West Virginia tax revenue comes in below estimate again

W.Va. tax revenue below estimate again

CHARLESTON — Citing the slowdown of construction activities during the winter season, March tax revenue collections came in 1.2 percent below the updated projections, the second month for lower-than-expected collections since fiscal 2019 started in July.

According to the governor’s office, March collections for the general revenue fund came in at $333 million, or $3.8 million less than what was projected. Revenue collections also came in below estimates in January.

“Overall, our numbers continue to be great across the board and are far better than anything we could have even dreamed of back before I walked through the door,” Gov. Jim Justice said in a statement Tuesday.

The Department of Revenue revised the monthly general revenue fund estimates in March. The original estimate for March was $338 million, but the updated estimate placed March tax collections at $337 million.

“We continue to raise the bar in West Virginia, and so we’ve had to raise our estimates, but the reality is that every month we’re doing better than we did in that month a year ago and at the end of the day I’m confident we’re going to be incredibly happy with this year as a whole,” Justice said.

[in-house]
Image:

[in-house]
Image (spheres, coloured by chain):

March marks the end of the third quarter of the fiscal year, which ends in June. According to revenue officials, cumulative tax collections for the last nine months are $191.3 million ahead of estimates even with the two low-performing months. March 2019 collections are also 1.6 percent ahead of March 2018 collections.

Year-to-date, tax collections are $23.3 million above estimates and 11.2 percent ahead if prior year’s collections, bringing in 3.29 billion.

Personal income tax collections came in $13.1 million below March estimates at $123.2 million.

Revenue officials blame the government shutdown that started Dec. 22 and ended Jan. 25 causing tax season to get off to a slow start. They also cite a $7.8 million decline in non-resident withholding taxes.

Consumer sales tax revenue came in at $2.4 million below March estimates, but was still 4 percent head of collections in March 2018. Revenue officials cite a seasonal drop-off in outdoor construction activities for the drop in revenue.

The hero once again was the state severance tax collections for coal and natural gas. March severance tax collections were $7.5 million above estimates at $39.8 million and 19.9 percent ahead of the prior year collections. Severance tax collections remain $7.9 million above year-to-date estimates. Increased coal exports and stable coal prices were cited as the reason.

The insurance premium tax came in $3.1 million above March estimates as did the Business and Occupation tax, which came in $2 million above estimates. Tax collections on tobacco products came in $1.8 million below estimates.

Not included in the governor’s press release was State Road Fund collections, which came in 8 percent above March estimates. The fund brought in $87.6 million in March, which was $6.3 million above estimates. Vehicle registration fees came in $2.4 million above estimates, while taxes from vehicle sales came in $2.8 million below estimates. Fuel tax revenue came in $9.8 million above estimates.